In this week’s Research Roundup: New reports from the Center on Budget and Policy Priorities on statistics that show 2.9 million jobs saved by the Recovery Act, the Center for New Community on mapping the anti-immigrant movement in America, and Community Catalyst on how to best advocate for the “Essential Health Benefits” provision of federal health care reform:
New CBO Report Finds Up to 2.9 Million People Owe Their Jobs to the Recovery Act 
– This brief from the Center on Budget and Policy Priorities spotlights a new nonpartisan Congressional Budget Office (CBO) report which estimates that the American Recovery and Reinvestment Act (ARRA) increased the number of people with jobs by between 1.0 million and 2.9 million jobs as of June 2011. CBPP’s analysis concludes that the Recovery Act “has significantly boosted both the number of people employed and the number of hours worked, and that without its impact, “millions more workers would be either unemployed or struggling to get by on less income”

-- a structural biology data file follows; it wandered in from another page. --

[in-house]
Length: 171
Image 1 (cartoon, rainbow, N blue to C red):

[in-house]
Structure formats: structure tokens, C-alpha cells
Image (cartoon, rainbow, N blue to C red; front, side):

Mapping the Anti-Immigrant Movement in America  – This study by the Center for New Community takes a close look at the right-wing anti-immigrant movement nationally and maps the individuals, funders, organizations, and other players nationally and in the states that are a part of it, many of whom are connected to noted “white nationalist” John Tanton. The authors add that “what appeared to the public as a variety of voices advocating for severe immigration enforcement was nothing more than a series of front groups, ‘coalitions,’ and spin-offs seeking to overwhelm reasonable debate on immigration.”
Essential Health Benefits: A Federal Strategy Guide for Advocates  – This guide from Community Catalyst explains the Essential Health Benefits (EHB) package guidelines under the Affordable Care Act – the new “floor” of what many health insurance plans must cover. In outlining advocacy strategies, the guide suggests voicing the following principles in order to “unite consumer groups in their advocacy for a robust EHB for all consumers”: that the EHB development process must be transparent and consumer driven, that Congress intended the EHB to be robust, and that underinsuring consumers is both unjust and shortsighted, placing consumers at risk of medical debt, reducing the likelihood of preventive medical care, and increasing the chance of a missed or late diagnosis.